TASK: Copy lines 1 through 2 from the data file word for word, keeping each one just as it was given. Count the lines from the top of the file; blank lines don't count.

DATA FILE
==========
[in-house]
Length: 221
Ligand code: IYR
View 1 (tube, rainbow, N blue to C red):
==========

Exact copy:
[in-house]
Length: 221